City for Sale: The Transformation of San Francisco

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University of California Press, Oct 1, 2002 - History - 501 pages
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San Francisco is perhaps the most exhilarating of all American cities--its beauty, cultural and political avant-gardism, and history are legendary, while its idiosyncrasies make front-page news. In this revised edition of his highly regarded study of San Francisco's economic and political development since the mid-1950s, Chester Hartman gives a detailed account of how the city has been transformed by the expansion--outward and upward--of its downtown. His story is fueled by a wide range of players and an astonishing array of events, from police storming the International Hotel to citizens forcing the midair termination of a freeway. Throughout, Hartman raises a troubling question: can San Francisco's unique qualities survive the changes that have altered the city's skyline, neighborhoods, and economy?

Hartman was directly involved in many of the events he chronicles and thus had access to sources that might otherwise have been unavailable. A former activist with the National Housing Law Project, San Franciscans for Affordable Housing, and other neighborhood organizations, he explains how corporate San Francisco obtained the necessary cooperation of city and federal governments in undertaking massive redevelopment. He illustrates the rationale that produced BART, a subway system that serves upper-income suburbs but few of the city's poor neighborhoods, and cites the environmental effects of unrestrained highrise development, such as powerful wind tunnels and lack of sunshine. In describing the struggle to keep housing affordable in San Francisco and the seemingly intractable problem of homelessness, Hartman reveals the human face of the city's economic transformation.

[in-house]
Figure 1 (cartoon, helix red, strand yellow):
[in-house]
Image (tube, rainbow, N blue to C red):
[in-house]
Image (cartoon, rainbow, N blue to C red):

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Contents

1 THE LARGER FORCES
1
2 SUPERAGENCY AND THE REDEVELOPMENT BOOSTER CLUB
15
3 THE ASSAULT ON SOUTH OF MARKET
44
4 THE NEIGHBORHOOD FIGHTS BACK
56
5 INTO THE COURTS
76
6 THE REDEVELOPMENT AGENCY FLOUNDERS
103
7 RESOLVING THE CONVENTION CENTER DEADLOCK
134
8 SOUTH OF MARKET CONQUERED
155
Illustrations
212
10 YERBA BUENA GARDENS TODCOS HOUSING AND THE SOUTH OF MARKET NEIGHBORHOOD
213
11 CITY HALL
227
12 HIGHRISES AND THE ANTIHIGHRISE MOVEMENT
289
13 THE HOUSING CRISIS AND THE HOUSING MOVEMENT
325
14 THE LESSONS OF SAN FRANCISCO
392
Notes
403
Index
465

9 MOSCONE CENTER DOINGS
191

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About the author (2002)

Chester Hartman is President and Executive Director of the Poverty & Race Research Action Council in Washington, D.C. He is author of Between Eminence and Notoriety: Four Decades of Radical Urban Planning (2001), and editor of Challenges to Equality: Poverty and Race in America (2001) and Housing Issues of the 1990s (1989).

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